Then the tools you need to taste wine are all in-house: your senses of sight, smell, taste and touch.
Eyes: Assess the colour. It’s red, sure, but what kind of red? I garnet coloured wine tells you it has aged, whereas a purplish tinge belies it’s youth. Also look at the liquid’s viscosity and density. A dense colour should indicate a full-bodied, highly extracted wine, while a light colour could indicate a light-bodied wine.
Nose: The wine aromas are the most important part of wine tasting. When you smell the wine, try to think outside the box. Pretend it’s not wine, and ask yourself what you are smelling. Primary flavours come from the varietal, such as the peppery aromas of Shiraz or the strawberry aromas often found in Pinot Noir. The secondary flavours come from the winemaking process itself and often have to do with yeast, so think bread, brioche or beer-like flavours. Finally, the tertiary flavours result from the wood maturation of the wine and could produce aromas of nuts, spice, leather and buttery toast.
Taste: the taste of a wine is the result of the combination of acid, alcohol, tannin and sugar. Only small amounts of sugar should be present in the red wine, but the tastebuds should pick that up on the tip of your tongue. The acidity will give that tell-tale ‘sourness’ that should balance the sweet fruit and create a lingering aftertaste.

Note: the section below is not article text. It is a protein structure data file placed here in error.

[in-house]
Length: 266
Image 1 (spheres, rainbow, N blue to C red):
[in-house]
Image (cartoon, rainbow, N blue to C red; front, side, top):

Touch: High levels of alcohol in the wine can leave a tingling sensation on the cheeks (a bit like a mouthwash), while tannins will dry your mouth out.
All these components combine to form the flavour of a wine. Again, there is no right and wrong, but the more you consider these components, the easier it is to find wines you love.
What Red Wine Is Sweet
Traditionally, red wine is not sweet, but sweet red wines are ideal for the beginner. The Bosman Merlot is usually considered sweeter and more of an easy-drinking wine, yet its sugar levels are more or less the same as its cellar mates. It is rather how it is made that makes the difference in the flavour.
RED WINE TASTING WELLINGTON
BOOK A WINE TASTING EXPERIENCE TODAY
Monday to Friday: 9h00 to 17h00
Saturday and Public Holidays: 10h00 to 16h00 (Winter Holidays 5-25 July)